Dance Inventor Dies
What with all the sadness and trauma going on in the world at the moment, it is worth reflecting on the almost unnoticed death, recently, of a very important person. Larry LaPrise, the man who wrote the Hokey-Pokey died peacefully at home. He was 93.
According to a reputable source, the well-known participatory dance became popular in the USA during the 1950's. It originated in 1949, when Larry LaPrise, Charles Macak, and Tafit Baker created it as a entertaining novelty for the ski crowd at Idaho's Sun Valley resort. The trio were granted the copyright for an accompanying song in 1950, and Ray Anthony's big band recording turned the song and dance into a nationwide sensation. Hokey-Pokey appeared on the B side of Anthony's Bunny Hop single.
Hokey-Pokey has virtually the same lyrics as the Hokey-cokey, a song and novelty dance which had been popular in England since the mid-1940s. In addition to the lyrics, the two songs also share similar dance moves. Specific body parts are named; these are sequentially put into the ring, taken out of the ring, and finally wiggled around manically inside the ring.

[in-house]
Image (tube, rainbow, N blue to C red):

There's a wonderful, summertime connection. Hokey-Pokey is New Zealand's national ice cream flavor: crunchy toffee in vanilla. In England, Hokey-Pokey is a traditional name for ice cream, probably originating from the Italian vendors who peddled their wares shouting, Ecco un poco ("Try a little...").
LaPrise's funeral was private, attended mostly by family and close acquaintances. The most traumatic part was getting him into the coffin. They put his left leg in ... and, well, you know ...